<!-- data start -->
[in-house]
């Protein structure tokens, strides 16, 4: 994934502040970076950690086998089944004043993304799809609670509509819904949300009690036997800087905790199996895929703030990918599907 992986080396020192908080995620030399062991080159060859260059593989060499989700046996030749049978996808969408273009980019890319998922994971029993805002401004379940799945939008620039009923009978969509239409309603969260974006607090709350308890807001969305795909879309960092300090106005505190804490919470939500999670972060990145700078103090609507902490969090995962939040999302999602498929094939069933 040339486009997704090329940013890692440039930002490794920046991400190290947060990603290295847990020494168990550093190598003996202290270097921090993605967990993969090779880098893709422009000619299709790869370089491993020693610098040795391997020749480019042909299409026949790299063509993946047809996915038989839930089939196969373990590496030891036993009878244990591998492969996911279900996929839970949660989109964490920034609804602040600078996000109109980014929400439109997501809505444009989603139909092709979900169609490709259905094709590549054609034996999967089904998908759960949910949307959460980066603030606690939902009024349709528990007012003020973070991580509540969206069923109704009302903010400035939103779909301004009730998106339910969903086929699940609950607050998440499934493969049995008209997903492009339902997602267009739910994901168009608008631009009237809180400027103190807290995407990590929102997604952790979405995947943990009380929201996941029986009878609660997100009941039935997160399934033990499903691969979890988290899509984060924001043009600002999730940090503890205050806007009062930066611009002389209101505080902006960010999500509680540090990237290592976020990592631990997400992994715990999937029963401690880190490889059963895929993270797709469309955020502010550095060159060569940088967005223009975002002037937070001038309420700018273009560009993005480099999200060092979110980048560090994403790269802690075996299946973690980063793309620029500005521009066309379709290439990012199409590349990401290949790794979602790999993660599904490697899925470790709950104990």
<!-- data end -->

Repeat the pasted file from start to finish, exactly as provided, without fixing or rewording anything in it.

[in-house]
């Protein structure tokens, strides 16, 4: 994934502040970076950690086998089944004043993304799809609670509509819904949300009690036997800087905790199996895929703030990918599907 992986080396020192908080995620030399062991080159060859260059593989060499989700046996030749049978996808969408273009980019890319998922994971029993805002401004379940799945939008620039009923009978969509239409309603969260974006607090709350308890807001969305795909879309960092300090106005505190804490919470939500999670972060990145700078103090609507902490969090995962939040999302999602498929094939069933 040339486009997704090329940013890692440039930002490794920046991400190290947060990603290295847990020494168990550093190598003996202290270097921090993605967990993969090779880098893709422009000619299709790869370089491993020693610098040795391997020749480019042909299409026949790299063509993946047809996915038989839930089939196969373990590496030891036993009878244990591998492969996911279900996929839970949660989109964490920034609804602040600078996000109109980014929400439109997501809505444009989603139909092709979900169609490709259905094709590549054609034996999967089904998908759960949910949307959460980066603030606690939902009024349709528990007012003020973070991580509540969206069923109704009302903010400035939103779909301004009730998106339910969903086929699940609950607050998440499934493969049995008209997903492009339902997602267009739910994901168009608008631009009237809180400027103190807290995407990590929102997604952790979405995947943990009380929201996941029986009878609660997100009941039935997160399934033990499903691969979890988290899509984060924001043009600002999730940090503890205050806007009062930066611009002389209101505080902006960010999500509680540090990237290592976020990592631990997400992994715990999937029963401690880190490889059963895929993270797709469309955020502010550095060159060569940088967005223009975002002037937070001038309420700018273009560009993005480099999200060092979110980048560090994403790269802690075996299946973690980063793309620029500005521009066309379709290439990012199409590349990401290949790794979602790999993660599904490697899925470790709950104990």